Yes, Hillary Clinton thinks the lesson of Orwell’s “1984” is that the public needs to rely on leaders, the news media and “experts.”
This would have exploded my head, thus earning a KABOOM! tag, if it was much of surprise. There is no benign reading of this passage, which was presumably either written by Clinton or approved by her, as well as by editors who one would assume had her interests in mind. Hillary is saying that it is authoritarian to try to define reality, and that the public should trust the government, leaders, the press and approved experts to define reality. Their authoritarianism is evil; OUR authoritarianism is good, because, of course, we are right. Hillary Clinton thinks this way. She just told us, if we didn’t know already.
Or, perhaps, “Whew! That was a close one!”
This is, as readers of Ethics Alarms will recall, the reason I ultimately abandoned my decision to vote for Clinton as the horrible but obviously better candidate than Donald Trump. I realized that Hillary and her party now embodies exactly this anti-democratic and creepily (and creeping) totalitarian mindset. We know what’s best; we are manipulating the news, facts, and public opinion (and the nomination, debates, statistics, FBI investigations, the Constitution, Senate procedures, IRS policies, whether Benghazi was caused by a YouTube video…) for your own good, so trust us; when they do it, it’s wrong and sinister, but when we do it, it’s gooooood…
I wasn’t then and am not now at all certain that a national election endorsing the totalitarian, liberal-fascist approach to government that progressives increasingly embrace was the safest course for the nation. I’m not certain that emphatically rejecting the party that has taken such a frightening turn toward Big Brother, even if that rejection required electing an idiot, wasn’t a crucial and existentially necessary course. I am beginning to think that the “wisdom of crowds” may have been at work, just as Madison and Jefferson intended.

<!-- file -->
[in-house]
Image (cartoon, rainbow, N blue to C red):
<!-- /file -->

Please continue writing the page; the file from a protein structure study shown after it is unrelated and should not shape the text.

Lots of bloggers are now posting this excerpt. Over on Ann Althouse’s blog, where she posted it without comment (which is a comment anyway: res ipsa lquitur : it speaks for itself”), her commenters have made several pithy and enlightening observations:
- I think this is part of the answer to “Why aren’t I 50 points ahead…?”
- We didn’t just dodge a bullet. We dodged a nuclear warhead.
- She literally Orwelled Orwell
- The book “What Happened” will be followed by the book “What I Meant To Say”.
- She’s an Experts Supremacist.
- “Attempting to define reality is a core feature of authoritarianism…This is what the Soviets did…this is what happened in Nineteen Eighty-Four…” And this is why a film maker was dragged out of his house at 3AM and jailed for a year.
- Well there you go. I always suspected she was not all that bright. This confirms it.
- When Hillary read Animal Farm she thought the pigs were the good guys…
- “… bullying of anyone who disagrees with his version of reality …” A classic example of projection
- Shouldn’t the people who want, no, need, to be President ought to at least gain a Cliffs Notes understanding of the books they gloss over in order to curry favor? You know, books about ideas, human nature and political power?
- What’s interesting about what Clinton wrote, regardless of whether she’s misinterpreting Orwell or not, is that she apparently thinks “mistrust in our leaders” is just as bad as “questioning logic and reason” and “mistrust in ourselves”.That indicates an ideology on her part that’s downright scary.
It’s a terrific thread: Ann moderates her comments as stringently as I do. One bold commenter tries to spin for Hillary, writing, “What a bizarre misreading of what Hillary wrote. She is saying you should trust empirical evidence, not just believe what somebody says.” He gets handed his head pretty quickly, and deservedly so:
Nope. Hillary is talking about trusting and believing “exactly the people we need to rely on: our leaders, the press, experts who seek to guide public policy based on evidence, ourselves.” In other words, the establishment party line. The only thing Clinton left out was the “or else.”
Clinton’s statement is signature significance for someone the United States public should not permit to be President.